Booklet: The Tudors

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  • Anne Boleyn (?1502-1536)

    Henry VIII's second wife. Descriptions of Anne emphasise her dark hair and black eyes, also a mole on her neck and the beginnings of a sixth finger on her left hand. The only surviving portrait of any quality, on which this drawing is based, gives little clue to the qualities that made her so attractive to the king that he was prepared to divorce the pope in order to marry her (1533). When she failed to produce the male heir Henry so desperately wanted, charges of adultery were brought against her and she was beheaded within the Tower of London on 19 May 1536.

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  • Henry VII (1457-1509)

    The posthumous child of Edmund Tudor, half-brother of Henry VI, Henry spent most of his early life in exile in Britanny. His appearance as a young man was recorded and copied in a book of drawings known as the Receuil d'Arras, which also includes portraits of the pretender Perkin Warbeck and Cardinal Wolsey. Following his victory over Richard III in 1485 Henry reigned uneasily over a kingdom that yearned for the return of the more glamorous Yorkist line. In 1499 he was described as 'old before his time', personally checking his household accounts in a miserly and un-kingly way. A portrait painted by Michel Sittow in 1504 emphasises these characteristics but a terracotta bust by the sculptor Torrigiano shows a nobler side. Torrigiano also fashioned the king's tomb effigy in Westminster Abbey.

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  • Elizabeth I (1533-1603)

    What did Elizabeth look like? A portrait of her as princess, aged about 15, shows a plain, rather reticent teenager with no hint of future greatness. As an adult Elizabeth sat for her portrait on very few occasions and only once did an artist dare to add any depth to the conventional outline. This was Isaac Oliver and the resulting pattern was never used. These drawings show Elizabeth at the start of her reign, (left) based on the nondescript work of Lavinia Teerlinc, and (right) at the time of the defeat of the Spanish Armada (1588), based on the Oliver portrait. As with other monarchs, before and since, Elizabeth made much more impact in person. Her grace, charm, intelligence and dignity were described as unequalled, and her gift of bestowing a smile on even the humblest bystander was remembered long after by those fortunate enough to be so favoured.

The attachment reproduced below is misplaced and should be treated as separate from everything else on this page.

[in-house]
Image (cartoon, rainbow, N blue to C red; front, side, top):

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  • Henry VIII (1491-1547)

    It was not until his mature years that Henry VIII found an artist of real talent to paint his portrait. Hans Holbein the Younger (1497-1543) created the image of the king (left) that we are familiar with (left), feet firmly astride, waistline already beginning to expand as Henry was forced to give up the athletic pursuits - jousting, archery, tennis, wrestling - that had made him the best-looking monarch in Europe when he first came to the throne (right). Earlier portraits show a strong resemblance to Henry's grandfather Edward IV (who also put on weight in his later years). The close-trimmed beard, a feature of Holbein's portraits, did not appear until Katherine of Aragon, the king's first wife, declined in his affections. She always disliked it and Henry seems to have been generally clean-shaven until he fell in love with Anne Boleyn around 1526.

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  • Edward VI (1537-1553)

    The longed-for son of Henry VIII and his third wife Jane Seymour, Edward was not the frail child his early death suggests but a sturdy and self-confident teenager, on the verge of assuming full power when an ordinary chill turned to pulmonary pneumonia through the incompetence of his doctors. Passionate about the Protestant religion, Edward attempted to prevent the succession of his Catholic half-sister Mary by leaving the crown to his cousin Lady Jane Grey. Unfortunately his pathetic 'devys for the succession' did not have the force of parliamentary statute, unlike his father's will. The attempt of his loyal adviser, John Dudley, duke of Northumberland, to enforce it led to Mary's victory and Lady Jane's execution. Edward's diary provides a unique insight into the thoughts of a boy who was very ordinary in some ways yet always conscious of his high destiny.

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